The UN en­voy said the gov­ern­ment should have spe­cific time­lines for car­ry­ing out the cit­i­zen­ship ver­i­fi­ca­tion process in Rakhine State.

“If the ver­i­fi­ca­tion ex­er­cise is ex­tended through­out Rakhine State, it would be im­por­tant to fully con­sult and in­volve those di­rectly af­fected by this process. Clear time frames should be es­tab­lished on when par­tic­i­pants will have their status re­viewed and when de­ci­sions on their ap­pli­ca­tions can be ex­pected,” Ms Lee said.

She said re­li­gious ten­sions re­main per­va­sive across Myan­mar, cit­ing the build­ing of Bud­dhist stu­pas in close prox­im­ity to churches and mosques in Kayin State, and a re­cent mob at­tack re­sult­ing in the de­struc­tion of prop­er­ties in­clud­ing a mosque and a Mus­lim ceme­tery in Bago Re­gion.

Ms Lee crit­i­cised the gov­ern­ment’s de­ci­sion not to take ac­tion against in­di­vid­u­als in­volved in the mob at­tack in Bago Re­gion on June 23.

“It is vi­tal that the gov­ern­ment take prompt ac­tion, in­clud­ing by con­duct­ing thor­ough in­ves­ti­ga­tions and hold­ing per­pe­tra­tors to ac­count. I am there­fore con­cerned by re­ports that the gov­ern­ment will not pur­sue ac­tion in the most re­cent case due to fears of fu­elling greater ten­sions and pro­vok­ing more con­flict,” she said.

“This is pre­cisely the wrong sig­nal to send. The gov­ern­ment must demon­strate that in­sti­gat­ing and com­mit­ting violence against an eth­nic or re­li­gious mi­nor­ity com­mu­nity has no place in Myan­mar. Per­pe­tra­tors will be treated se­ri­ously in ac­cor­dance with the law re­gard­less of race, re­li­gious or eth­nic back­ground,” Ms Lee added.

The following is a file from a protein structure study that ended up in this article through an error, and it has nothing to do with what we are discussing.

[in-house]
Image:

Myan­mar’s for­mer quasi-civil­ian gov­ern­ment marginalised the com­mu­nity in Rakhine State that num­bers more than 1 mil­lion and self-iden­ti­fies as Ro­hingya. Last year the com­mu­nity had their tem­po­rary iden­ti­fi­ca­tion doc­u­ments known as “white cards” re­voked and were de­nied suf­frage in the Novem­ber elec­tion, de­spite hav­ing had the right to vote in 2010.

Re­stric­tions on move­ment and dif­fi­cul­ties ac­cess­ing ed­u­ca­tion and health­care re­main for more than 100,000 Ro­hingya liv­ing in tem­po­rary camps since 2012 violence be­tween Bud­dhists and Mus­lims.

On other hu­man rights de­vel­op­ments on the ex­ec­u­tive and leg­isla­tive fronts, Ms Lee said she ob­served ten­sions be­tween the new civil­ian lead­er­ship and a bu­reau­cracy in­her­ited from pre­vi­ous mil­i­tary regimes, some­times re­sult­ing in a dual­ity in pol­icy and ap­proach to hu­man rights mat­ters.

She said an on­go­ing re­view aimed at le­gal re­form should be made in line with in­ter­na­tional hu­man rights stan­dards and prac­tices, urg­ing that leg­is­la­tion be crafted or re­scinded only af­ter pub­lic con­sul­ta­tion and en­gage­ment with civil so­ci­ety ac­tors. She praised work done by the Le­gal Af­fairs and Spe­cial Cases As­sess­ment Com­mis­sion run by the state coun­sel­lor’s close ally Thura U Shwe Mann, which rec­om­mended amend­ing or nix­ing 142 laws, in­clud­ing the re­cently re­pealed State Pro­tec­tion Act.

Ms Lee also urged Myan­mar’s Na­tional Hu­man Rights Com­mis­sion, which has faced crit­i­cism for not re­li­ably flag­ging hu­man rights vi­o­la­tions and abuses in the coun­try, to more fully step into its role as an in­de­pen­dent ad­vo­cate for hu­man rights and not shy away from ad­dress­ing is­sues with­out re­gard for po­ten­tial rep­u­ta­tional dam­age to the gov­ern­ment or mil­i­tary.

Point­edly, al­lud­ing to the na­tion’s emer­gence five years ago from decades of re­pres­sive mil­i­tary rule, the spe­cial rap­por­teur noted that “old habits die hard”.

“Re­cent in­ci­dents, such as the ban­ning of a film dur­ing a hu­man rights film fes­ti­val and the de­nial of per­mis­sion for a press con­fer­ence on a civil so­ci­ety re­port al­leg­ing grave vi­o­la­tions by the mil­i­tary, are wor­ry­ing sig­nals,” she said.

Photo: AFP

The UN spe­cial rap­por­teur on hu­man rights in Myan­mar,Yanghee Lee, speaks at a press brief­ing in­Yan­gon on July 1.